This quote comes towards the beginning of the novel and describes the machine that Montag sees that is used to flush out his wife's system after she has taken an overdose and tried to kill herself. This quote helps establish how impersonal and regular the system is, as we discover that such a process occurs very often in this dystopian world of emptiness and despair. Note what Montag thinks just before this quote is said:
The entire operation was not unlike the digging of a trench in one's yeard. The woman on the bed was no more than a hard stratum of marble they had reached.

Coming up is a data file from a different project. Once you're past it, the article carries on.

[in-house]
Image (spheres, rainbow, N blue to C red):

Note the slightly ironic note in the quote you have mentioned. Can it really "slush up the emptiness," which is, of course, the real reason behind Mildred's attempted suicide? Thus this quote seems to point towards the limits of technology and the way that it is unable to meet the needs of humans--a key factor of this society.